Freediving is the sport of diving on one breath. It is the most natural thing in the world. We can all freedive, but most of us don’t realise it! Whether it is extended snorkelling, competitive or recreational freediving, underwater photography, spearfishing, underwater hockey, synchronised swimming, or holding your breath in the bath, freediving requires the same things; good breathhold, excellent mental control – and most importantly a buddy for safety!
The sport grew from the ancient traditions of pearl and sponge fishing. The sport dates back beyond history and humans have long known that the body can survive longer underwater than the medical profession would have us believe. It is this confounding of science that makes freediving such a fascinating sport. Not only that, it is perhaps the most beautiful form of movement the human body can perform – weightless, we are free to move in three dimensions as nowhere else.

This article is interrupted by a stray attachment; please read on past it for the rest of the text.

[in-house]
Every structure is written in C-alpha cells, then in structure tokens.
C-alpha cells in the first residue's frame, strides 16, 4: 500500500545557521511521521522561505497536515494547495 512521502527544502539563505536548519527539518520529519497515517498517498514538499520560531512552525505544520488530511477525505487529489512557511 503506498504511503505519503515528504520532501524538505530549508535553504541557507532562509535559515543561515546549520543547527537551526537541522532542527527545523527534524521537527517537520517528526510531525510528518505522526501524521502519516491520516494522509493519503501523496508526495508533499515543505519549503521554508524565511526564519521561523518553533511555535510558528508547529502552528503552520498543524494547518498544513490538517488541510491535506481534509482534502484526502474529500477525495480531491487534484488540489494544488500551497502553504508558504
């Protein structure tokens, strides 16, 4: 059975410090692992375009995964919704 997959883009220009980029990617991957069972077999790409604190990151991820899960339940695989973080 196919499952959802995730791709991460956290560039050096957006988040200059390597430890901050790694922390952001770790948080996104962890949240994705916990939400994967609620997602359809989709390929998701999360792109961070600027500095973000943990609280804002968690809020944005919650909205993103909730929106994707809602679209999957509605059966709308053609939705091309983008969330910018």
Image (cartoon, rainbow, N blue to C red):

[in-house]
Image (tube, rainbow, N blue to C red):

The transition of man into underwater mammal during a freedive hints at our roots in the animal kingdom. The mammalian dive reflex makes it possible for us to dive to depths thought potentially fatal for the human body – and much, much deeper – and survive! But it requires training and immense mental discipline to be able to take the body to places where both science, and if we face it, our own rational thinking, tell us it is impossible to go. Freediving is about discovery, of our potential, of our self.